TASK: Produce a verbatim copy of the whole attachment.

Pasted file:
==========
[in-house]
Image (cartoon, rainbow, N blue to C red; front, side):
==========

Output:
[in-house]
Image (cartoon, rainbow, N blue to C red; front, side):